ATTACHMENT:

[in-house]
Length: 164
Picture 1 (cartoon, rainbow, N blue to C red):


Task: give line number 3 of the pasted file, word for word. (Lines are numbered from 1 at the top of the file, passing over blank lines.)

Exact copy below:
Picture 1 (cartoon, rainbow, N blue to C red):